What do four boys with an idea do in times of an internet ban, a school shut-down and frequent curfews? They learn resilience and resourcefulness, according to their teacher.
In June 2019, four students of Burn Hall School, Srinagar, started working on a science project. Seven months, revocation of Article 370, suspension of internet services and an interrupted school session later, the carbon smoke absorber they created was showcased at the 107th Indian Science Congress, inaugurated by Prime Minister Narendra Modi.
How did they manage the research without the internet?
“Kashmiris have learnt to make do. We get by without many things considered a given outside the state,” says Najma Nazir, science teacher at Burn Hall. “Because we can’t always rely on the internet, our students are in the habit of consulting books. And we pool resources. For the project, several science teachers at the school brainstormed. The students, too, showed a lot of initiative.”
The lack of internet wasn’t even the biggest challenge.
“After August 5, we thought the event would be cancelled in the state. There was no way to confirm anything, or speak to each other,” says Numair Muzaffar Wani, the Class 9 student who led his team and travelled to Bengaluru for the ISC.
In October, the school heard the event was on. This was the time when classes hadn’t resumed, and phone connections, including landlines, weren’t dependable.
“We didn’t know how to get this message to our students. It wasn’t easy to go anywhere, what with the frequent road closures and all the uncertainty and fear. We finally managed to send someone to Numair’s house, who informed the others and they then got together at school,” says Father Sebastian Nagathungal, school principal.
“Once we met, we divided our assignments. My father travels to Jammu for work. He would carry a pen drive and get me the articles I needed. My friends, Hanan Wani, Mueed Nisar and Ahmad Pathan, also managed what they could,” says Numair.
What is the project?
“The carbon smoke adsorber is essentially an anti-pollution device. In Srinagar, 55 per cent of the pollution is caused by hamams — stone rooms where people burn wood for warmth. Our device can be fixed to the hamam chimneys. It has an exhaust fan to suck in the smoke, and then a unit filled with activated charcoal and walnut shells, which can absorb carbon dioxide and carbon monoxide. Thus, the smoke released into the atmosphere is far less polluting,” explains Numair.
“The idea of the activated charcoal first came to Mueed. We worked together to give shape to the rest of the project. It was my friends who decided to elect me as leader of the team,” he adds.
Of misses and messages
Even after the internet ban was side-stepped, there were other difficulties.
“They needed PVC pipes, hot glue, 12-watt battery, wire gauge and an exhaust fan. But times were such that buying all this was a challenge,” says Nazir.
The project was supposed to go through a district-level and a state-level competition before the national Congress. The district-level round was cancelled, but the state-level event was held in November in Jammu.
“They then sent us an email saying we had been selected for the national-level event. How was I supposed to get emails without the internet?” says Father Nagathungal. “Four day before the event, someone from the government called up a teacher who had escorted one of our students to an earlier edition of the Congress. But we needed the internet even to book tickets.”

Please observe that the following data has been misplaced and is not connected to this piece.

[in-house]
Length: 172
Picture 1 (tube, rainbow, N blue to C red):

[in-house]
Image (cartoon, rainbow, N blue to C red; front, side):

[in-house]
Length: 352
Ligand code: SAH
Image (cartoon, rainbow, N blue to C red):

The tickets were arranged. “I needed to email the Congress our project abstract. My father carried it in his laptop to Jammu, but ultimately couldn’t send it. Mine was the only project without a printed abstract in Bengaluru,” says Numair.
However, at the event, he was “flooded” with visitors. “So many people came to my stall that I couldn’t speak to the other participants. I think half the interest was in my project, but the other half was because I was from Kashmir,” he says.
‘Come to school, but not in uniform’
While all this was happening, the school was battling another challenge — how to get classes back on track, without putting students in danger. “The administration was pressuring us to get classes going, but there was so much fear that no parent wanted to take the risk. We realised sending out school buses was a bad idea when one bus was pelted with stones. And this was in the “sanitised” part of the city. We didn’t dare send buses to Old Town,” says Father Nagathungal.
“We started off by holding two classes a day,” says Nazir. “Teachers would car-pool. Students would be dropped off by parents, but not in uniform, as that could have provoked a reaction from those calling for a boycott. Classes resumed only by November,” she adds.
How are students kept motivated among such interruptions?
“One gets used to anything,” says Muzaffar Wani, Numair’s father and bank official. “This is the life our children have known, an utterly lifeless life.”
“We have accepted this to be the normal, but there’s frustration when we look at children in other states.
Sometimes I panic — how will our children compete with others,” says Dr Aubida Ahad, Numair’s mother, who works at a Naugam hospital. Numair’s younger brother too studies at Burn Hall.
“You know, for schools, the worst of militancy wasn’t as bad as this,” says Father Nagathungal. “I remember once in the 90s, there was a blast on that road outside. All the glasses in my office were shattered. But we kept classes running. For the first time, we had to keep the school shut for months.”
“In this period, we video-recorded lessons and distributed soft copies among our students. We have to find a way. If Kashmiris wait for things to get better, life will pass us by,” Nazir smiles.